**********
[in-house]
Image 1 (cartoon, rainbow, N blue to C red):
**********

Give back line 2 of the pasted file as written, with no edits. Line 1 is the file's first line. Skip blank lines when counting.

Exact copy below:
Image 1 (cartoon, rainbow, N blue to C red):